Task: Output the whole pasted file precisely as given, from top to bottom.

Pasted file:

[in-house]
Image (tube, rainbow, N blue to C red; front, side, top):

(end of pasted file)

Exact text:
[in-house]
Image (tube, rainbow, N blue to C red; front, side, top):